• The need for convergence with sector programs and with formal decentralization reforms is growing. When operating well, CDD programs can offer an effective local development platform that can help improve the targeting, cost efficiency, service quality, and overall accountability of sector programs. It can help embed principles of transparency, accountability and participation into the entire sub-national governance system, but this may require enabling environments and policy-level reforms, including with regard to fiscal decentralization.
  • Urban applications. As the world is rapidly urbanizing, a challenge for the CDD community is how best to apply the lessons learned from what has been primarily a rural development strategy to the challenges of the urban context. Early indications are that while some CDD principles have immediate application, other standard operating procedures must be adapted to the different context. Nonetheless, the value of participation and community monitoring is recognized, particularly in the upgrading of informal settlements.
  • Supporting livelihoods. While the application of CDD to support public investments and services (such as roads, schools, clinics, etc.) is a widely used and tested approach, supporting private goods and market-oriented investments has proven less successful. Nonetheless, demand is high and growing, especially in middle income countries and urban contexts, and there is a need to further analyze and distill elements and conditions for success from regions such as South Asia and Latin America and the Caribbean.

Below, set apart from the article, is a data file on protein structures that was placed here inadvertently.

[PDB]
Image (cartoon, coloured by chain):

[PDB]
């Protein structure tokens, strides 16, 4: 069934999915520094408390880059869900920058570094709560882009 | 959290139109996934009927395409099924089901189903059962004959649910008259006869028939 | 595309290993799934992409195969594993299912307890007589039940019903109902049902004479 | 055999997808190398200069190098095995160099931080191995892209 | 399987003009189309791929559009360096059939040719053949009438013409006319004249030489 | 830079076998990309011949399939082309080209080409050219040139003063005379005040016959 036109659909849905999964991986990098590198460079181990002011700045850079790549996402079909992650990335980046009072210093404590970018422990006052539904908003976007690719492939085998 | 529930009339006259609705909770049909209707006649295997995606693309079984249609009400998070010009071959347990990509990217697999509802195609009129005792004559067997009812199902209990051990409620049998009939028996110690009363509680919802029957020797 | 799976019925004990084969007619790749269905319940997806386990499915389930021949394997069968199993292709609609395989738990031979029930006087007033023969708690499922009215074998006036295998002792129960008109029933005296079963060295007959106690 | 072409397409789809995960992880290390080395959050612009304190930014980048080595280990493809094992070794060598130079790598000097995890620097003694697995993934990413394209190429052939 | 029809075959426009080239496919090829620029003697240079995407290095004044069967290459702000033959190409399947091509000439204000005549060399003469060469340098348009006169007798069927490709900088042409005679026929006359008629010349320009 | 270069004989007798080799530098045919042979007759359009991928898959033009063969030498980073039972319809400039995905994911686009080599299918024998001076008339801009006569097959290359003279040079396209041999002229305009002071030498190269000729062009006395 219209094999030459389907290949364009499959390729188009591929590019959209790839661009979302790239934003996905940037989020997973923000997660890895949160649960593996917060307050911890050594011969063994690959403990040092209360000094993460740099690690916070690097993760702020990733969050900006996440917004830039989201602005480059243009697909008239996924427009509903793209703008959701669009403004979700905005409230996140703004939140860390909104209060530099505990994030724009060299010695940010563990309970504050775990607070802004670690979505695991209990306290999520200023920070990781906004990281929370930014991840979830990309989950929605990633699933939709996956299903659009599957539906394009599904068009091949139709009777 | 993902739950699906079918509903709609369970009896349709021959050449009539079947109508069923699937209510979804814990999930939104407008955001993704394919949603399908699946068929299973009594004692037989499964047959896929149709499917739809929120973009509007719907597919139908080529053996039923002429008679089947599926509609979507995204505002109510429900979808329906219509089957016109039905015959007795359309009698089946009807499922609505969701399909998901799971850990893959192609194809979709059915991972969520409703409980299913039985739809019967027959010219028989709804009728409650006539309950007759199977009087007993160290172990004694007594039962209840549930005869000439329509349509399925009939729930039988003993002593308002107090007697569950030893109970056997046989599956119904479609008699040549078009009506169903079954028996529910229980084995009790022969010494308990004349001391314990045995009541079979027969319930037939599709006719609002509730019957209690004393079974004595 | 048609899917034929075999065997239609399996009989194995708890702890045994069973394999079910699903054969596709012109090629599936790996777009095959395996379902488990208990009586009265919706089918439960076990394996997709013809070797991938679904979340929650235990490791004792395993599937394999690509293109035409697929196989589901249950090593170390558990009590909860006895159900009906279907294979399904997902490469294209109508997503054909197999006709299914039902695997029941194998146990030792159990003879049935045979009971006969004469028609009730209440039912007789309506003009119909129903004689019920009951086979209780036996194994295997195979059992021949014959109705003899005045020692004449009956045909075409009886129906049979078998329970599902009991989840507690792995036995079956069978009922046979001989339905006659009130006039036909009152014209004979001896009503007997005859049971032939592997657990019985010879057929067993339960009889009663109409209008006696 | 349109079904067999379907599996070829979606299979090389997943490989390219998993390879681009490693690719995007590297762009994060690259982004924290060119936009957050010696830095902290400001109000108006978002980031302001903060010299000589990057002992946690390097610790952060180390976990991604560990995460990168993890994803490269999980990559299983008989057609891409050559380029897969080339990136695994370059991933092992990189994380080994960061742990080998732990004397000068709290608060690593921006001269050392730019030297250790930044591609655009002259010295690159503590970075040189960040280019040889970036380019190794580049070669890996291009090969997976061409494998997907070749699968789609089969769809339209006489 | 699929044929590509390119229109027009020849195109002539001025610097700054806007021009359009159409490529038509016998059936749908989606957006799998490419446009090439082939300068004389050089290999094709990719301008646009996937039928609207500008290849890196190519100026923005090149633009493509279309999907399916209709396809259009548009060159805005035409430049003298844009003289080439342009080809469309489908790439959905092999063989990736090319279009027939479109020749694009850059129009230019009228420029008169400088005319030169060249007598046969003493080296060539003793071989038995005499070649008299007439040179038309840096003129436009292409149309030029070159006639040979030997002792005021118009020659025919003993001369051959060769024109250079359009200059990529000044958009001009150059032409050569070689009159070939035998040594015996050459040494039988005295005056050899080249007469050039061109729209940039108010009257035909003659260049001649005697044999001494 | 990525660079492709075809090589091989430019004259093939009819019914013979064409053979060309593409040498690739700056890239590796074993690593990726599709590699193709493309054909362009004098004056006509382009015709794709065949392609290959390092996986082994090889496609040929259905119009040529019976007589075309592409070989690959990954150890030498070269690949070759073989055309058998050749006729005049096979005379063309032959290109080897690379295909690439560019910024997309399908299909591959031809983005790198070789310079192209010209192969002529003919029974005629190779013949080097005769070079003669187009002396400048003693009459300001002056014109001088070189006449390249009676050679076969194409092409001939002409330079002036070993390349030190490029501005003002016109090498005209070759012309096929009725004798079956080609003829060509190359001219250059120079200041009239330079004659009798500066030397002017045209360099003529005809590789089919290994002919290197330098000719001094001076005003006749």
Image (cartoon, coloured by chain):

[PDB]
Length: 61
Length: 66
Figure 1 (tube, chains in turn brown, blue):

The World Bank is taking up these emerging challenges through targeted analytical work, technical assistance to flagship programs around the world, quality assurance support through information and knowledge exchange, and staff skills development.  

Last Updated: Sep 29, 2015

In recent years, the World Bank has increasingly focused on lending to CDD programs. Many of those that began as small stand-alone operations have gradually expanded to much larger (often national) coverage that have become part of formal decentralization strategies.

The Philippines: operating from 2003-2014, KALAHI-CIDSS, the Philippines national CDD program, covered 362 of the poorest municipalities in the country, and supported over 5,000 subprojects. A robust impact evaluation found that the project had contributed to improvements in household access to municipal centers, increased access to safe drinking water, greater participation in local level government activities, and increased trust within and outside communities. Since 2014, this success has led to a new and expanded 5-year program, worth more than $1 billion, and covering all 847 municipalities with poverty rates above the national average. . The program is also being used to help respond to the widespread destruction caused by super-typhoon Haiyan.